Forging a new path is always a challenge, even when there’s a strong culture. Fitzharris has been sensitive to this reality from the moment he took the job. “When you get started, you see that some people can be a bit close-minded to change,” he admits. “That’s why you have to take empathy seriously and walk in other people’s shoes. The worst thing I could do is just start making decisions right away. I have to show people that I understand what they need, what challenges they face.”

Fitzharris understood that listening is the first job of the leader – not just to establish empathy but also as a practical aspect of strategy-development. “Defining the strategy really just means restating what you’ve heard. It’s a process of confirmation,” he says. “You review what you’ve heard with key stakeholders, and you restate it in lots of different ways so that people can help you confirm it’s what they meant and where they really need to go.” 

Being an open listener illuminates the right path for modernization, but it’s also an accelerant for your strategy. “Most of the time, if you’ve listened, you find you’re not too far off, and that gets people excited. They want to be heard and see follow-up on their point of view,” says Fitzharris. It turns resistors of change into influencers of change.

Of course, you have to capitalize on this momentum as it builds. “You’ve done the listening so you can say to people, ‘Here’s where we’re going and how we get there.’ But then you have to immediately show them; give them something we can do today that we couldn’t do a few months ago,” says Fitzharris. It’s another place where the intangible aspects of change management collide with the practical needs of the business. “People can get overwhelmed with the sheer number of problems we need to solve. Showing that progress makes it all feel less ambiguous, less enormous.” It takes away the stress and fear of change.

Fitzharris has seen that you can also be very strategic about the kind of concrete progress you show to the business and feed that success back into your strategy execution. “You should target one of the biggest divisions,” he says, “because you’re not going to move the needle as quickly if you focus on smaller, lower-hanging fruit.”

At C.H. Robinson, Fitzharris and his team have been very focused on the right business cases to start on. “Our North American Surface Transportation division is responsible for the majority of our overall revenue,” he explains. “It was critical to get them interacting with our architectural strategy early on, even if it was just a handful of users.” 

Even as his team worked through the communication and definition work, they put some of the data out into the environment. “We wanted to empower early adopters right away, and it worked. These users are seeing substantially faster speed-to-market; insights and reports are being delivered literally 300% faster than before.”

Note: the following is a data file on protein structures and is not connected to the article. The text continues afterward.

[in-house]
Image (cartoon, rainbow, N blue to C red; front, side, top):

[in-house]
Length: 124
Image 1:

To have these users say, ‘Each of us is saving an average of 3.5 hours every week,’ that’s a way to show real, incremental value and validate our path right away.”


That kind of PR is priceless, and it fuels his larger vision. “Success means that data engineering and data science are working in conjunction out of our modern architecture,” he says, “but we also need to be retiring legacy systems. Of course that means a reduction in total cost of ownership, but it’s really important that people simply know it’s happening. We need to enable the organization to work exclusively in the new modern architecture while retiring legacy systems.” 

It’s working: “In the last few years, we’ve had some 10,000 minutes of unexpected data latency, and that’s really impacted us. We expect to reduce that by 95%. That’s tangible; users won't be prevented from making fast business decisions.” It also allows him to “retire” some of the outside consultants as the program matures. “We want to show our confidence and trust in our people,” Fitzharris says. “We have to be clear that we are importing that knowledge, not buying it. We want our own people to become the experienced experts.”

Fitzharris’ approach to modernization shows that a methodical, practical path doesn’t have to preclude big, dramatic wins. If it seems simple, that’s the goal. “I like to say data is the new utility,” he says. “Our analytics community has been bringing their pail to the stream of water every time they need it, then hauling it and boiling it before they can even use it. We want to say, ‘Go to your faucet and turn on the water.’ And that’s what we’re doing so the business can win.”


Special thanks to Chris Fitzharris and C.H. Robinson.